Can you sue your neighbour for not controlling their Japanese knotweed?
In early 2018, Adam and Eleanor Smith successfully sued Rosemary Line for allowing Japanese knotweed to grow onto their property. After selling the Smiths their family home in 2002, Mrs Line retained ownership of land that bordered the property. In the years following, the Smiths discovered Japanese knotweed spreading into their land from Mrs. Line’s land which she refused to treat.
The knotweed infestation caused the value of the Smiths’ home to drop by 10%, leaving them no further recourse but to take Mrs Line to court. Although Mrs Line contended that the knotweed had existed before the Smith’s arrival, she was still found to have failed to prevent the spread of the plant from her neighbouring land to the Smith’s home.
Mrs Line will now have to commit to a 5-year treatment plan with a recognised expert who will provide an insurance backed guarantee, in order to clear both properties of the infestation – this has provided an important precedence and serves as a clear warning to property owners who choose to neglect the spread of knotweed on their land.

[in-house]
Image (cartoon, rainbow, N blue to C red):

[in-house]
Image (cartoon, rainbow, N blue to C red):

Can I force my neighbour to pay for the removal of the Japanese knotweed that has spread into my garden from theirs?
The precedent set in the aforementioned case of Smith v Line means that in the event where a Japanese knotweed infestation from a neighbouring property has negatively affected the value of your home then you should be able to force them to pay for the treatment plan.
If either of these cases sound familiar or you’d like guidance on your own Japanese knotweed problem, then don’t hesitate to contact us using the adjacent contact form or call us direct on 07595 653 226.